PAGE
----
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Drug-Resistant Salmonella Linked to Overuse of Antibiotics in Cattle Farming

Health + Wellness
Drug-Resistant Salmonella Linked to Overuse of Antibiotics in Cattle Farming

Salmonella bacteria, a common cause of foodborne disease, invade an immune cell.

National Institude of Allergy and Infectious Disease

The Centers for Disease Control and Prevention (CDC) warned Thursday of a drug-resistant strain of salmonella newport linked to the overuse of antibiotics in cattle farming.


The strain sickened 255 people in 32 states between June 2018 and March 2019, leading to 60 hospitalizations and two deaths, the agency wrote in its Morbidity and Mortality Weekly Report. And the strain is still making people sick, lead report author and CDC epidemiologist Dr. Ian Plumb told CNN.

"We are continuing to see cases occurring among patients," Plumb told CNN in an email. "The antibiotic resistance pattern of this strain is alarming because the primary oral antibiotics used to treat patients with this type of salmonella infection may not work."

Plumb told HealthDay Reporter that the two patients who died had other illnesses as well, but that the drug-resistant salmonella did contribute to their deaths.

The strain has shown decreased susceptibility to azithromycin and does not respond at all to ciprofloxacin, the report said. Both are commonly used to treat the disease, and, before 2017, fewer than 0.5 percent of salmonella strains found in U.S. patients were resistant to azithromycin.

The outbreak has been linked to the consumption of U.S. beef and Mexican soft cheese, leading investigators to believe the strain is present in cows in both countries, CNN reported.

"The resistant strains developed in animals, and those strains can then be transmitted to humans," Plumb told HealthDay Reporter.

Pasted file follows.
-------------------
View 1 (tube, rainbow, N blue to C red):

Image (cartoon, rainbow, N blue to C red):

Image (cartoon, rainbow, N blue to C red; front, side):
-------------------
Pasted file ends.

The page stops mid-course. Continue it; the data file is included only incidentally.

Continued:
Dr. Marc Siegel, a professor of medicine at the New York University Langone Medical Center who was not involved with the study, told HealthDay Reporter that the best way to prevent drug-resistant infections like this is to change farming practices.

"Salmonella is a very common bacteria in livestock, and the problem is that we're overusing antibiotics to try to control this problem," Siegel said. He said that farmers also gave antibiotics to cattle to increase their size.

He said that better human treatments were not the solution, since most of the time the infection needs no treatment at all.

"It's really a change in farming practices that are needed—to stop giving these animals antibiotics," he said.

The CDC also stated that avoiding giving cattle unnecessary antibiotics, especially those also used to treat humans, would help prevent the spread of drug-resistant salmonella.

In the meantime, the CDC recommended that people protect themselves by avoiding soft cheese made with unpasteurized milk and using thermometers to make sure beef is cooked to the proper temperature: 145 degrees Fahrenheit for steaks and roasts and 160 degrees Fahrenheit for ground beef.

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